Photo by Gordon Werner
So this is like four years with Boeing, and then I got a recruiting call from somebody at Power-One. And five years at Boeing is really kind of a turning point because you start to get completely vested in retirement programs. It gets harder and harder to leave if you get much past five years. My wife and I had both grown up in Seattle, and I don’t know, it was crazy: we took five kids, the oldest was five, the youngest was two weeks old. We moved ’em all down to Southern California. We started looking for a house.
And that was because of Power-One?
It wasn’t quite the dot com boom yet, but there was a lot of recruiting and a lot of growth. So, I guess from a technical standpoint both those jobs [Boeing and Power-One] were phenomenal in that you had a lot of senior engineers who really knew what they were doing. And you could kinda walk around and talk to them about what they were doing, pick their brains, and sort of glean their experience. And also, there’s one common thread between airplanes and power supplies: if you don’t get it right, people can die. So, there’s a certain discipline and safety regulations, which at first was very frustrating, because you just wanna go in and do things. But there are processes and procedures and a very structured environment. But actually that was good. I’d say that the aerospace environment can stifle creativity, but at the same time it does teach you engineering discipline that you don’t always see if you’re just winging it. With music products some people might say it’s ok if four or five percent of the amps blow up [laughs]. But, you know, it’s not ok if four or five percent of the airplanes fall out of the sky.
Good point! By the way, you mentioned you made a power supply for Boeing, and that was one of the last things that you did for them…
Right, that power supply was part of a system, really sort of the next generation of the same proximity sensor system that we had developed previously. This was when they were doing the next generation of 737s. I was sort of like the “it” guy for doing all the EMI (electro-magnetic interference) testing, and Boeing has a little bit different EMI requirements and some kind of strange tests that are very specific to airplanes. But you know, that was a huge learning experience trying to understand what’s going on with RF [radio frequency] energy.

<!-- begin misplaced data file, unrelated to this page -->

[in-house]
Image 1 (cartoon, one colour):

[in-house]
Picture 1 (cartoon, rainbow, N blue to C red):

Photo by Gordon Werner
I assume that that experience also informs what you do now. I mean, certainly unwanted noise is always an issue.
Absolutely. After Boeing and Power-One, I ended up doing some consulting for QSC. Eric Mendenhall was their power supply guy but he was busy doing this monster 9000 watt thing, so they needed somebody else to work on the power supply for the PLX series of amps, along with Pat Quilter. I had a very good foundation for audio engineering but not much specific experience. At that time, QSC was one of the few companies that had tried to put a switching power supply together with an audio amplifier. The requirements are so much different than the commercial power supply industry. It was a huge learning experience, because for the most part with a commercial power supply you need to put out full power all the time. But if you’re powering an audio amplifier you may only need to put out a tenth of the peak power on a continuous basis. So you have this huge peak demand and a fairly low average demand. So the design is a much different philosophy than a commercial power supply. Then also you have the noise considerations, and you know, by its nature a switching power supply is really noisy. Well how do you keep that noise out of the audio? I think that’s what started my creeping back towards the audio stuff that I had kinda forgotten about.
So I did the consulting for QSC, I did two years at Power-One – and Alesis had an opening. They wanted to do a class-D amplifier. I was thinking, this is gonna be awesome! A class-D amplifier is basically a switching power supply that puts out audio instead of DC. Perfect. You know, I have good background in switching power supplies, have some good analog experience, I love audio. Let’s do it. I started at Alesis. And then they put the amplifier on hold. I never got to do the class-D amplifier at Alesis. We ended up working on the DG8 (digital piano), which has a switching power supply and an amplifier. We did the M-1 active [powered studio monitor]. A handful of other things. So I was at Alesis for two years, and headed over to Line 6 about the same time that Dave [Fruehling] did.
What were you doing at Line 6?
Well, we did the last Flextone HD. And that was actually pretty cool. We did a switching power supply and a class-H amplifier.
I don’t even know what a class-H amplifier is.
Well, an amplifier has power rails, like DC power rails. And the audio can kinda go up to but not over the power rails. And the amount of heat dissipated in the power transistors depends on how high those rails are. So if you want put out a lot of power you gotta have high rails. And while you’re putting out a low level signal you’re actually burning a lot of power. So you need bigger heat sinks and such. And one of the goals was to get rid of the fans that were on the back of the original Flextone HD. So what a class-H, or sometimes they call it class-G, amplifier does is that while your signal level is low, your rails are low, and then when you detect a higher signal level you have sort of another set of rails that are sitting there waiting to be used, so that you expand as the audio needs it and then switch back down. So you get a pretty big boost in efficiency. That’s how QSC does their amplifiers.